August 30th, 2006


История сделки Майкрософта и Роллинг Стоунз

Майкл Гартенберг поведал рассказанную Брэдом Сильвербергом и Брэдом Чейзом (играли большую роль в Майкрософте в 90-х) историю о том, как Майкрософт приобретали у Роллинг Стоунз права на "Start Me Up" перед выпуском Windows 95. Здесь и здесь. Довольно интересные детали.

"At the time, the Stones hadn't licensed their songs for TV commercials so it was a big policy decision for them. We may think of them as a rock band but they are really like a corporation, with Mick the CEO and Keith the president, whose product happens to be rock music. Mick didn't want to do any licensing of songs as he felt it hurt their artistic purity. But it was at a time when their popularity has declined and so they were open to aligning themselves with new and exciting stuff in the world (like Win95 and the whole PC/Internet/Technology wave). Plus, Keith did want to license. Apparently his burn rate was higher than Mick's , and wanted the money.
By the way, the price was not the $10m or $12m or whatever that is common belief. I'm not at liberty to disclose the exact amount, but it was a small fraction of that. It was the Stones, who after doing the deal, leaked the big number figure so as to set the market price for their next deal. Also, when they delivered the song, it was NOT for the studio version we all know (and which we had agreed upon). Instead they delivered some later version that wasn't quite the same. Why? Because it was with some newer band members who got a lower royalty rate than the ones in the original version. We said no way, and got the original version."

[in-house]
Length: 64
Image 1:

"I found out later that the reason they gave us the live version was that it was recorded after Bill Wyman had left the band. Giving us the original meant that Wyman got his allocation of the deal which of course meant that giving us the original version of "Start Me Up" meant that Jagger, Richards and the rest of the band got less.
After it was announced that we did the deal with the Stones a rumor (started in a British paper) started that Bill had called Mick and asked for the rights to the song. According to the rumor, Mick through out a crazy high number - $14 million figuring that Bill would say no but that Bill suprised Jagger and immediately agreed to the $14M. We all laughed uproariously when we heard this (we paid a fraction of this). In fact, when one a reporter called us to get our comment our PR person just laughed and laughed."